by Richard Mitchell, MD, PhD

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    00:01 All right. On this topic of Angiodysplasia, we will spend a few minutes discussing exactly what this is and how it presents and what to do about it.

    00:11 Angiodysplasia is a vascular malformation that will occur somewhere within the GI tract.

    00:18 It can occur anywhere from the esophagus to the rectum.

    00:22 Most commonly, it's going to occur in the colon and that's what we're going to emphasize in this particular talk.

    00:28 The epidemiology. Your typical patient with Angiodysplasia is going to be elderly, over the age of 60.

    00:36 Most of the Angiodysplasia actually occurs in the left-sided colon.

    00:40 Approximately 6% of lower GI bleeds and 8% of upper GI bleeds are associated with Angiodysplasia.

    00:51 The things that are associated with this include aortic stenosis, the so called Heyde syndrome, end-stage renal disease, the use of ventricular assist devices, Von Willebrand's disease which may be a hereditary form of Angiodysplasia and Osler-Weber-Rendu syndrome which is also a hereditary basis for having Angiodysplasia.

    01:17 The pathophysiologic is basically a malformation between the arteriovenous side.

    01:25 What is being shown here on the right-hand side is an artery, the branches and the capillaries that reconstitute into post-capillary venules and then, into a vein.

    01:36 What happens in an arteriovenous malformation in Angiodysplasia is that we have direct connections from the artery into the vein so that we bypass the very low pressure in highly distributed capillary system.

    01:54 The formation of such arteriovenous malformations, Angiodysplasia between otherwise health vessels can be associated with low-grade venous obstruction of the submucosal veins may be due to reduced precapillary sphincter tone with the opening of arteriovenous communications.

    02:14 The association with Von Willebrand's disease or with abnormalities in the processing of Von Willebrand's factor means that we have higher molecular weight multimers of Von Willebrand's which tends to drive these AVMs or Angiodysplasia for unclear reasons.

    02:32 And then, the congenital vascular hyperplasia associated with Osler-Weber-Rendu are a variety of mutations associated with vascular hyperplasia.

    02:41 The clinical presentation is typically painless GI bleeding.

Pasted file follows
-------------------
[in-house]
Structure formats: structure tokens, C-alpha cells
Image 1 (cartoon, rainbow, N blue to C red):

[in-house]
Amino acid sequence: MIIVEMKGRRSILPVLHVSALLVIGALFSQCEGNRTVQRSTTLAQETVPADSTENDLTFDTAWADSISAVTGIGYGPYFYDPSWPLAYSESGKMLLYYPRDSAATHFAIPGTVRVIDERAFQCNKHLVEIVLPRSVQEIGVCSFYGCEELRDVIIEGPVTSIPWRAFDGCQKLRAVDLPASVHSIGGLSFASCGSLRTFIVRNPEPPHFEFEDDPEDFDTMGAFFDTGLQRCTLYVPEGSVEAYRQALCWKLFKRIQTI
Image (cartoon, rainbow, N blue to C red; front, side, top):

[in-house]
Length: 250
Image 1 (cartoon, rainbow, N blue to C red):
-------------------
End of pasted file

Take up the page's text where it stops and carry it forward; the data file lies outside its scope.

02:46 The patient doesn't even have any other symptomatology and depending on the amount of blood, may be completely unaware that there has been ongoing bleeding.

    02:55 If there is a lot of blood and because of the location typically on the left side of the colon, then, you may have hematochezia or bright red blood per rectum.

    03:02 then, you may have hematochezia or bright red blood per rectum.

    03:06 If you were to have an Angiodysplasia and arteriovenous malformation more proximally, you may have hematemesis or vomiting of blood. Clearly, if you're using blood chronically, particularly, in a geriatric population, these patients will have anemia.

    03:23 And then, will have symptoms associated with the loss of blood. They will be weak.

    03:27 There may be hypotension. So, things that you can figure out pretty much from first principles.

    03:34 How do we diagnose this? So, we have a patient, geriatric, who is - got clear anemia and we don't have any bleeding source. But we do have occult blood positive in the feces.

    03:50 That makes us start to think that this might be a possibility.

    03:53 We can do a complete blood count and formally document the anemia and the cause of the anemia, whether it's iron deficiency or something else. We can do endoscopy.

    04:02 A colonoscopy will allow us to actually visualize these legions if they are bleeding significantly enough.

    04:09 And the gold standard overall is angiography or we will inject radio contrast material and see it extravasate as you see here on the right-hand side into the lumen of the GI tract.

    04:22 What's shown on the left-hand side is what this legion would look like on colonoscopy.

    04:27 It looks just kind of like a bruise or a vascular malformation that is sitting just below the submucosa.

    04:36 How do we manage this? So, we can do an endoscopic treatment if you identify exactly where this is with colonoscopy, you can go in and radio frequency ablate it, just blast it.

    04:49 You can do angiographic embolizations. So, you can identify the vessel that feeds the area where the bleeding is occurring and you can put in material to cause vascular occlusion and then, focal ischemia infarction of that area. And for rather larger vessels or malformations or for rather bloody, substantially bleeding malformations, then, we can resort to surgery. With that, we'll close.

    About the Lecture

    The lecture Angiodysplasia by Richard Mitchell, MD, PhD is from the course Small and Large Intestines Disorders.

    Included Quiz Questions

    1. Cardiac stents
    2. Aortic stenosis
    3. End-stage renal disease
    4. Von Willebrand disease
    5. Ventricular assist devices
    1. Angiography
    2. Fecal occult blood test
    3. Complete blood count
    4. Endoscopy
    5. MRI
    1. Hematochezia
    2. Thrombocytopenia
    3. Mucositis
    4. Vomiting
    5. Chest pain

    Author of lecture Angiodysplasia

     Richard Mitchell, MD, PhD

    Richard Mitchell, MD, PhD

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